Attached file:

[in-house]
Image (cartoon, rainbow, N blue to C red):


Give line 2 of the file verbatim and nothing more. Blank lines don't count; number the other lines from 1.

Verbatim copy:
Image (cartoon, rainbow, N blue to C red):